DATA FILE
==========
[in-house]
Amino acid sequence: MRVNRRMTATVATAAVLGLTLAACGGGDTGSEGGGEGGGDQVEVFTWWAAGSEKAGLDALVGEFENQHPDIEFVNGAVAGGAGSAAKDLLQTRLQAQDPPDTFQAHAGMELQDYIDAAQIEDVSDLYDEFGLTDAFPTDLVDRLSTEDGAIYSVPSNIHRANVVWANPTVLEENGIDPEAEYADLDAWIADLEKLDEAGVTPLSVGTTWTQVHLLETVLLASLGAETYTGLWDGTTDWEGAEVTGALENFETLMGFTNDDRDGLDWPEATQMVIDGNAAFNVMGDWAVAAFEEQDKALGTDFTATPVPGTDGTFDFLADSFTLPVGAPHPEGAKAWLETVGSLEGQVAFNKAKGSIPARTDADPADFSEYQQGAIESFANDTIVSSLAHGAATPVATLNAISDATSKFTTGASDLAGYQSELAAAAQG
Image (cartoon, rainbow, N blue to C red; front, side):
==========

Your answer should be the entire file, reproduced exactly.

[in-house]
Amino acid sequence: MRVNRRMTATVATAAVLGLTLAACGGGDTGSEGGGEGGGDQVEVFTWWAAGSEKAGLDALVGEFENQHPDIEFVNGAVAGGAGSAAKDLLQTRLQAQDPPDTFQAHAGMELQDYIDAAQIEDVSDLYDEFGLTDAFPTDLVDRLSTEDGAIYSVPSNIHRANVVWANPTVLEENGIDPEAEYADLDAWIADLEKLDEAGVTPLSVGTTWTQVHLLETVLLASLGAETYTGLWDGTTDWEGAEVTGALENFETLMGFTNDDRDGLDWPEATQMVIDGNAAFNVMGDWAVAAFEEQDKALGTDFTATPVPGTDGTFDFLADSFTLPVGAPHPEGAKAWLETVGSLEGQVAFNKAKGSIPARTDADPADFSEYQQGAIESFANDTIVSSLAHGAATPVATLNAISDATSKFTTGASDLAGYQSELAAAAQG
Image (cartoon, rainbow, N blue to C red; front, side):